The interesting thing about these TIF districts is that the taxing units didn’t catch on right away that the tax money coming into the redevelopment commissions was calculatedoutside the maximum levy.
The taxing units themselves are limited on spending by their maximum levy amount. The Department of Local Government Finance calculates the growth quotient each year. That growth quotient is then applied to the unit’s last approved budget, and that’s how you get your unit’s current maximum levy. You may have a lot of growth going on in your area but the growth quotient is calculated at the state level and applied to all units across the state equally.
This maximum levy must then be budgeted among the various functions that that particular local government unit controls. Now, let’s go back to that assessed-value concept that we pinned earlier. The tax-rate formula could be simple but government, perhaps intentionally, has made it difficult to grasp. The tax rate of a government unit is found by taking the unit's levy divided by the total of its net assessed values thus: Tax rate= levy/NAV.
NAV is Net Assessed Values. This is calculated from the total market value of all parcels in a taxing unit’s geography (the Gross Assessed Values) minus exemptions (such as your homestead), credits, abatements, tax-exempt properties (government and religious owned) and finally —a drum roll here — Tax Increment Financing. The levy stays relatively the same.
Remember, TIF dollars are collected outside those maximum levy calculations. A redevelopment commission, therefore, gets to be a taxing unit that controls its own money without bothering with a pesky maximum limit. This might have been an OK idea when they were used in limited capacities (to fight blight). Now, though, local governments recognize them as the honey pots they are — more money, outside the maximum levy.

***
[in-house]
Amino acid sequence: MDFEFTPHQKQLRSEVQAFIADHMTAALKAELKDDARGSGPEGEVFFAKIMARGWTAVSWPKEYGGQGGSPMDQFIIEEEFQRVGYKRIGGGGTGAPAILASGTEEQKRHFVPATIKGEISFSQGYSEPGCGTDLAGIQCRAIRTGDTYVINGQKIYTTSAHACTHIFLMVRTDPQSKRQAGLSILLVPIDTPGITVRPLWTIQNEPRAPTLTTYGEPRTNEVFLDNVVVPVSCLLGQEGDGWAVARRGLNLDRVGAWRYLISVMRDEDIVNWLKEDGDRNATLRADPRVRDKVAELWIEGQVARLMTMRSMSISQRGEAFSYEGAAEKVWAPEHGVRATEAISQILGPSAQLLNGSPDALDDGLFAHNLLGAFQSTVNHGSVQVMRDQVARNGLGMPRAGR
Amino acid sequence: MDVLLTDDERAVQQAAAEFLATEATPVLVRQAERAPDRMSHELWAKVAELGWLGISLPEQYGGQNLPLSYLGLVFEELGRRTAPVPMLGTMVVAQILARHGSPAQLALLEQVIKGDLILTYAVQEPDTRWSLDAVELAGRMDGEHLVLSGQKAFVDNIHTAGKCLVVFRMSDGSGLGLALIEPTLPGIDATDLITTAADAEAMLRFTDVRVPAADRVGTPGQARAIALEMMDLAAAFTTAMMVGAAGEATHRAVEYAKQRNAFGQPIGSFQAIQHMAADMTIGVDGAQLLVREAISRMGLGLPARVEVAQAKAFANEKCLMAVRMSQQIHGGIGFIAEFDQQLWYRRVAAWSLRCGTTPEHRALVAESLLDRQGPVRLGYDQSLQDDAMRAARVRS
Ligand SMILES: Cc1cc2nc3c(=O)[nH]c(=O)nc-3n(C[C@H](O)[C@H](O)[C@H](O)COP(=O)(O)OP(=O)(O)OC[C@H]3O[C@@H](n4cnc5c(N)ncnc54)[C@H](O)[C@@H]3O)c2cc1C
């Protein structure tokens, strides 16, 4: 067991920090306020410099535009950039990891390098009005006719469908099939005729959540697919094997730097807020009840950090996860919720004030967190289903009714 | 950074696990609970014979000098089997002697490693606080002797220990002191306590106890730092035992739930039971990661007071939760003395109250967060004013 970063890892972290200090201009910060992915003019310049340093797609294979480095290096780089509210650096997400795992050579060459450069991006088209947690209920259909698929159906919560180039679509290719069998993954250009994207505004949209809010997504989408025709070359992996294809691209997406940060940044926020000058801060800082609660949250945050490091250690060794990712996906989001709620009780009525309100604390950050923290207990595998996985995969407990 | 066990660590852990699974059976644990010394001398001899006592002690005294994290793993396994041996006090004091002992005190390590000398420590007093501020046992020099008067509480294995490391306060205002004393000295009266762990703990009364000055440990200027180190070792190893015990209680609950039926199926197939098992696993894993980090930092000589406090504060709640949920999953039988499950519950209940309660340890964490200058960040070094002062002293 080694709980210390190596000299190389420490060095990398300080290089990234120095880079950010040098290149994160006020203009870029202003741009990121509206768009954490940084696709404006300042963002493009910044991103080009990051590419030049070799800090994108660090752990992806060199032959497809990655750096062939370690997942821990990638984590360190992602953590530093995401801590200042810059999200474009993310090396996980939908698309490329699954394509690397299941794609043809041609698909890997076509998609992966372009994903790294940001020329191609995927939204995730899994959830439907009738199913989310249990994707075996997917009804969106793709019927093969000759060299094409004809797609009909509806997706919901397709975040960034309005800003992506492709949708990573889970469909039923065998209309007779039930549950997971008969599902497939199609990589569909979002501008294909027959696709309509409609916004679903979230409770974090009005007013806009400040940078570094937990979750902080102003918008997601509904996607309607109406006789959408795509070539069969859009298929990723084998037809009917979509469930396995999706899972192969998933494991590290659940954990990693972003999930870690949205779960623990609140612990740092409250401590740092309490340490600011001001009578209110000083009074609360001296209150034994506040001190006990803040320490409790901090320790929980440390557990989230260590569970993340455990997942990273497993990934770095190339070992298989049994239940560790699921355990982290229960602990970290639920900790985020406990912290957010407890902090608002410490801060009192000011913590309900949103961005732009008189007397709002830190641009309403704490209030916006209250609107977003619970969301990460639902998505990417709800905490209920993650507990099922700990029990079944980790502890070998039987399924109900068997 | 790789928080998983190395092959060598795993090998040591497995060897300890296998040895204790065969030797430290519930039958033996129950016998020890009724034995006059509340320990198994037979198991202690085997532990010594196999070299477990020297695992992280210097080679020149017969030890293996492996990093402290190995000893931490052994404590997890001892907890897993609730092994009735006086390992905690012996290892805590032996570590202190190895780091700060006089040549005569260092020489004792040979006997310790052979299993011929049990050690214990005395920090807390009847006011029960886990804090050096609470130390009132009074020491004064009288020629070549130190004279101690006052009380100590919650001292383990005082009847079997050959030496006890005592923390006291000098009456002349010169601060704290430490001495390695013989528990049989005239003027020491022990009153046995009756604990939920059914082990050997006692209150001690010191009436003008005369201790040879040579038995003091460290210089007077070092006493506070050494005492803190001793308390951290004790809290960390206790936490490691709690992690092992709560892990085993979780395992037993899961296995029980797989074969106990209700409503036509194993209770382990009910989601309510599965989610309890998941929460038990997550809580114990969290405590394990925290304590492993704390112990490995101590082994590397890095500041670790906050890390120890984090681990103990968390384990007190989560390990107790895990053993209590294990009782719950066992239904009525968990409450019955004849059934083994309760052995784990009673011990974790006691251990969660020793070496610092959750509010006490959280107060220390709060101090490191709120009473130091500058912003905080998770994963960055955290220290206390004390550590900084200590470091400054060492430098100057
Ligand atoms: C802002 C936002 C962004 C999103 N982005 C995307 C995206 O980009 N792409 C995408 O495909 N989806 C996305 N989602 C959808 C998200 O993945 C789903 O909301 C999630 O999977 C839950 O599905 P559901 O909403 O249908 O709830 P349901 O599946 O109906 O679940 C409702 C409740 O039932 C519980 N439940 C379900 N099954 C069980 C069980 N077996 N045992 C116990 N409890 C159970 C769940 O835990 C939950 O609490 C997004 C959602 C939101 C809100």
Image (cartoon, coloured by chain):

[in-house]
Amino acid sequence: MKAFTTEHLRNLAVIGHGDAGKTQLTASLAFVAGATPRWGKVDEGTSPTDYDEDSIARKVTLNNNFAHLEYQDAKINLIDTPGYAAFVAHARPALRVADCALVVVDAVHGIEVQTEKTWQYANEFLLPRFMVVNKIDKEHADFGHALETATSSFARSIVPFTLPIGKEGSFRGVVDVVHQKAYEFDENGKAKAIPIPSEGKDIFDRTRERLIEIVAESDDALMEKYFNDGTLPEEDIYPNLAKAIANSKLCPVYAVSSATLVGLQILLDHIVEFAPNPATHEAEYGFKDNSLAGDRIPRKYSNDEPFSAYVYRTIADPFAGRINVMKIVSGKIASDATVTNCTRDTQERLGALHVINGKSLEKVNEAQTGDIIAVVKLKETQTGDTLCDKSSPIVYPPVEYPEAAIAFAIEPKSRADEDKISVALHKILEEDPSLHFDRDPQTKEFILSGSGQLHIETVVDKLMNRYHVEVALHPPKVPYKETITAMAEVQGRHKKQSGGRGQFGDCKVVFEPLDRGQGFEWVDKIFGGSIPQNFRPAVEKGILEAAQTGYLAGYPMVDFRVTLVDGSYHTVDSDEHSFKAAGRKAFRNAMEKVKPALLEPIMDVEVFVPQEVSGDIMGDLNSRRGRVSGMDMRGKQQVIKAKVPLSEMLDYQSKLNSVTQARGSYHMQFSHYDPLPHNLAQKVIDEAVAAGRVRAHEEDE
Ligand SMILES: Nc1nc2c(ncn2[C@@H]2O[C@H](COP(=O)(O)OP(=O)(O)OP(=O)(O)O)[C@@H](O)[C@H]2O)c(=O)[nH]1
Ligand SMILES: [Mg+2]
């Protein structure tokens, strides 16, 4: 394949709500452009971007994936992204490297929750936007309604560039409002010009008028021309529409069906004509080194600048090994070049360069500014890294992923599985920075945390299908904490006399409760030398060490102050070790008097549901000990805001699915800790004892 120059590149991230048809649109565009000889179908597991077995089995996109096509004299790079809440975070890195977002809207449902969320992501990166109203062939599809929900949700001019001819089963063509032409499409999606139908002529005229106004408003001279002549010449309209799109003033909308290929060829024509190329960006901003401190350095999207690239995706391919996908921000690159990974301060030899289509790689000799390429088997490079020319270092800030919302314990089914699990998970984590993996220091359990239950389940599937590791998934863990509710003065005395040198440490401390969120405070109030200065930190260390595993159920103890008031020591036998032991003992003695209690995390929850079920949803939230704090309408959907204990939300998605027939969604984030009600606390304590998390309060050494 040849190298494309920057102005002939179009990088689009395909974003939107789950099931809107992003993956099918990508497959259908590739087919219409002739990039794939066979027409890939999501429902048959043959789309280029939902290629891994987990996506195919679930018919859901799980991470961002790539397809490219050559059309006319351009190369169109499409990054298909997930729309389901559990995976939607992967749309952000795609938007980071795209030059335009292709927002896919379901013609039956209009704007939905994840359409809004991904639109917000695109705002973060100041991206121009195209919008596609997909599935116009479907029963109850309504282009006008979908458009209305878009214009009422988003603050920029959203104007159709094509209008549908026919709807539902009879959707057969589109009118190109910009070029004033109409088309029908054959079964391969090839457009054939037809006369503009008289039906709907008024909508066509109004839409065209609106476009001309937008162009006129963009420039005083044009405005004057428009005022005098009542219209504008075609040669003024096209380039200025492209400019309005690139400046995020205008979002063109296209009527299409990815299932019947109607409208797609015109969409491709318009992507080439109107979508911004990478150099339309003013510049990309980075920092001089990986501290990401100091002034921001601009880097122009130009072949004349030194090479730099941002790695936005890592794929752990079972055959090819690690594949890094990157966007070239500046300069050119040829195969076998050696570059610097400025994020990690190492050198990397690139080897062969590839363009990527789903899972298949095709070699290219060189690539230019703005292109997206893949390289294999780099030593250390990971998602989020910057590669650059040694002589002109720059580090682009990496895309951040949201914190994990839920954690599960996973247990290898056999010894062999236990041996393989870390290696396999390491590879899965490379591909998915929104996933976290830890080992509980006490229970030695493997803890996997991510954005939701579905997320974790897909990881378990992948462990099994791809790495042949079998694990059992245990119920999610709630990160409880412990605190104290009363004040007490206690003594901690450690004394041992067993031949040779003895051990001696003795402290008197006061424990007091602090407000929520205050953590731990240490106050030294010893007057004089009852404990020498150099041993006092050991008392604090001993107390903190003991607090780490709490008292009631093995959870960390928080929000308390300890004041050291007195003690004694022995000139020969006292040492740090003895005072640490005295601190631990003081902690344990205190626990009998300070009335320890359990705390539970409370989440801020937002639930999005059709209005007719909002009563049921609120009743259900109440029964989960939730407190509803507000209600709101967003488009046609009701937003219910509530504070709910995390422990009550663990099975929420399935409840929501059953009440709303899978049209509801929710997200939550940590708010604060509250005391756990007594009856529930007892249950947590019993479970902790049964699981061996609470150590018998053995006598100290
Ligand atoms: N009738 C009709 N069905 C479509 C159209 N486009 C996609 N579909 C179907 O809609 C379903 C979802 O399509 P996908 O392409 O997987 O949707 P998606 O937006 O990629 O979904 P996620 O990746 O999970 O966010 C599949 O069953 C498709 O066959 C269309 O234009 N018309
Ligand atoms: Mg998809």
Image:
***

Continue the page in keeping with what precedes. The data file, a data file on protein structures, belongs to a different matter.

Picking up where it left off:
For years, politicians have convinced taxpayers that TIF money is not taxpayer’s money; it’s said to be separate and won’t affect you. As a Realtor, I can tell you that it doesaffect you. If an increase in net assessed values of a taxing unit helps lower your tax rate, what does it mean to you if those big shiny new buildings being built inside a TIF district don’t get added to the tax rate equation?
First, just for example, new commercial areas will increase the demand for more police. So a town or city’s police force will have to grow. Unfortunately, the maximum levy won’t be allowed to grow along with it. Your town or city will have to figure out how to fund more police but legally can’t use TIF dollars to do so. So a bigger slice is taken out of an often already tight pie. Also, those new commercial-industrial buildings are often the highest assessed values in a taxing unit. So, again, you’re taking out assessed value that could help homeowners reduce their tax rates, and those businesses pay up to a 3 percent property tax cap.
In many cases, what they have done is transferred the burden of paying for essential services from the commercial properties to the residential parcels. This will only work until all the residences hit the 1 percent cap. Then I predict that the same politicians who used sleight of hand to move the burden from one taxpayer to another will start screaming that the sky is falling and demand a "fix" to the tax-cap "problem." (You can call me Nostradamus.)
Nobody likes property taxes, largely because we see the actual bill. These taxes, though, are at least determined locally (by a county assessor). They are collected and disbursed locally (by a treasurer) and finally they are controlled locally (by the various elected boards of the taxing units). You have more control over property taxes, TIF permitting, than you do sales and income taxes — the "invisible" taxes you pay every day.
Martina Webster, a Realtor for 18 years, represents District 1 on the Sellersburg Town Council. She wrote this at the request of the Indiana Policy Review Foundation.